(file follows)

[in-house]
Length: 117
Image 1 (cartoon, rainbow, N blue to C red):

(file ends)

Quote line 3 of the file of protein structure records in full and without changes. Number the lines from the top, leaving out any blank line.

Image 1 (cartoon, rainbow, N blue to C red):